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36HC108 - Short range radio transmitters for hi-fi stereo sound


  This project is fully applicable as long the analog broadcast system not is replaced with a digital system (such as DAB radio), but the design may be interesting for purposes of study, then the method for delivering a radio signal is a bit special.

This radio transmitter do not consist of operational amplifiers or transistors, since you can use HC logic for the same purpose. The project would be difficult to design if I did not have access to my custom built filter simulator (DOS program), which make it possible to produce passive filters for different purposes.

36HC10836HC108





36HC108 includes a stereo generator and the construction is structured to function for the system we use when we listen on radio (with stereo support).

The block diagram:

Block diagram for 36HC108Block diagram for 36HC108





If you want to look closer on this thing you can download it here:

In the zip-file can you find everything required to implement it (manuals, diagrams and PCB-files)
- except to realizing it.


36HC108#A-3


# A-2 Since it's now easy to order a processor crystal with the value 4864 kHz (that was not the case before where I live) so awakened the interest in to spice up this construction. I noticed a significant improvement in stereo separation with the help of the new quartz crystal. Beyond this exists a reason to improve the hi-fi properties as best as possible. This project contains therefore a new module named ST-AAC, which regulates the signal level and keeps it constant. The improvements also include some fine-tuning of the old audio filter circuit on ST-AUDIO.

To begin with: change the capacitor C3 on ST-AUDIO to 27nF. This provides a near optimal stereo separation. Then it's time to brush up the sound. If we reducing C5 and C6 to 100 nF instead of 2.2 uF so will incoming low frequency interference be blocked with sufficient effectively. R13 is changed to 22k (previously 47k) which means that the base is lifted even more. C12 is changed to 10n (previously 22n) which highlights the lower midrange. Finally shall the treble be lifted slightly by changing C8 to 3.9 nF, instead of 3.3 nF. R16 can remain unchanged, but R15 should be raised to 220k (previous 100k) so that the pilot tone not begins to dominate. Implements these changes will we get a richer and more vivid stereo sound (in concerned radio receivers) and in addition reduces the background noise to a minimum. 2016-02.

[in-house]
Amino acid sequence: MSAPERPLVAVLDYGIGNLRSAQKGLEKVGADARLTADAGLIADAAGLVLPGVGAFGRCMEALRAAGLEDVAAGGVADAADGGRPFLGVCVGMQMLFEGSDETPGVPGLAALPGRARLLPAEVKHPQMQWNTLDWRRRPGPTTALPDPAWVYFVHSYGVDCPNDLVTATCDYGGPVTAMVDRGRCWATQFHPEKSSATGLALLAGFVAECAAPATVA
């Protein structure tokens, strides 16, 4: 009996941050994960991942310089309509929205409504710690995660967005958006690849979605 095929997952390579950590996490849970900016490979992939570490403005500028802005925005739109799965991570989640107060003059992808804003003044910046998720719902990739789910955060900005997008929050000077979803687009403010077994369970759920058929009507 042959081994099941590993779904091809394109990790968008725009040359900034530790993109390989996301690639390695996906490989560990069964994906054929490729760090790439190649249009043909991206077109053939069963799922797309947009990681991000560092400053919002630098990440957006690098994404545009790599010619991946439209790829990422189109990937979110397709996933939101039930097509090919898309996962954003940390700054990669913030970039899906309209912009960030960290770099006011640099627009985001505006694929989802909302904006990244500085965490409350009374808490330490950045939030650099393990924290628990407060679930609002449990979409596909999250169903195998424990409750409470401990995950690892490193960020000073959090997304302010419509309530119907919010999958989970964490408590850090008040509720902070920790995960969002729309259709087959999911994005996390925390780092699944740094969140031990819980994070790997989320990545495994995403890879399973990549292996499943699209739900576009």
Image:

2016-08: Further adjustments have now been made with two components. The midrange and treble was apparently suppressed but has now been raised. Change R13 to 100k (previously 22k) and C8 to 3n3 (previously 3n9).


# A-3 2021-04: Unfortunately, it has been discovered that the PLL unit counteracts weak audio signals so that ST-PLL tries to compensate away the sound. This was because the ratio between R3 and R4 on ST-HFOSC was too small. If one changes R3 to a smaller and R4 to a higher value, the ratio becomes larger and ST-PLL cannot compensate for weak incoming audio signals. R3 has thus been changed to 1k (previously 10k) and R4 to 47k (previously 22k).

In addition to these changes, it has emerged that the audio filter on ST-AUDIO has a generous bass register. With C5 and C6 set to 100nF, the base reproduction is very good - hifi class. However, to avoid distortion in the transmission, the baseband must be cut. The deep bass can instead be obtained with some form of bass amplification on the radio receiver. C5 and C6 on ST-AUDIO have thus been changed to 22n.